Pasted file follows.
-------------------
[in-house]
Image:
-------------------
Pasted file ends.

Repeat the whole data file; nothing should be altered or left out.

[in-house]
Image: